UAW official indicted for taking millions in bribes as scandal spreads to GM

Federal prosecutors unsealed an indictment Wednesday against yet another former top union official in the expanding corruption probe of the United Auto Workers.

Michael Grimes, a former administrative assistant to two recent UAW vice presidents at General Motors, is accused of receiving $1.99 million in kickbacks from 2006 to 2018 in exchange for vendor contracts for UAW-GM branded clothing. Grimes is the ninth person to be indicted so far, but the first to be indicted outside of Fiat-Chrysler and its associated unit within the UAW.

Early indications are that Grimes will plead guilty to the charges, which carry a prison sentence of up to 20 years, and turn state’s witness to implicate other top officials, according to the Detroit News. The indictment increases the likelihood of indictments against former UAW-GM vice presidents Joe Ashton and Cindy Estrada. Grimes served as a top aide to both vice presidents.

The UAW leaders moved Estrada over to the Fiat-Chrysler department after Norwood Jewell was implicated in the illegal scheme in which FCA executives paid UAW officials bribes to sign pro-company labor agreements. Earlier this month, Jewell was given a wrist-slap sentence of 15 months in jail.

While the UAW will no doubt claim that Grimes was yet another “bad apple” acting on his own behalf, the indictment makes clear that he worked under the direction of and collaboration with senior UAW officials, and refers to two unnamed union officials as co-conspirators.

As with the revelations at Fiat-Chrysler, the corruption allegations at GM center around the UAW-company “training center,” which in reality serves as a conduit for cash from the company to the union.

GM, the largest of the Detroit Three automakers, has played a leading role in establishing such corporatist schemes. It was the first to establish a training center in the early 1980s, which required the amendment of federal laws against companies funding unions. Over the last four decades GM funneled billions of dollars to the UAW, in the form of ostensibly legal as well as illegal bribes, to shore up the financial position of its “union partners,” who had suffered a massive loss of union dues because of the UAW’s collusion in the destruction of hundreds of thousands of jobs.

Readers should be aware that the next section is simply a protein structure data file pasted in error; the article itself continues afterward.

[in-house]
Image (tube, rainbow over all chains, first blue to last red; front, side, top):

The UAW-GM Human Resource Center is also the home of the multi-billion retiree health care trust—known as the Voluntary Employees’ Beneficiary Association or VEBA—that has served as a massive slush fund for the UAW. The union acquired billions of dollars in GM stock to fund the VEBA as part of the Obama administration’s bailout in 2009, giving it a direct financial incentive to drive down wages for its members.

The indictment describes kickback schemes involving useless multi-million-dollar vendor contracts from the UAW-GM Training Center for clothing, watches and other union-branded material. One vendor was a chiropractor for one of the unnamed union officials, who opened a custom-made watch business in 2012 whose only customer was the UAW. A $250,000 kickback for a contract with the company for more than 50,000 watches was hand-delivered to the home of an unnamed “Union Official 1.”

In 2006, Grimes pressed another vendor, then under contract to produce 23,000 watches, to give him a $60,000 loan to purchase a house in suburban Detroit. The vendor also agreed to pay Grimes $1,800 per month, later rising to $3,800 per month, in “consulting” fees, totaling nearly $900,000 by the time payments stopped in 2017. The payments were concealed through a sham company established by Grimes’ wife Karen.

Grimes set up another contract for 50,000 “Team UAW-GM” branded jackets, worth approximately $6 million, at the behest of another union official, who also suggested that they demand $300,000 in kickbacks for a third union official. Grimes also demanded and received an additional $530,000 in bribes for himself.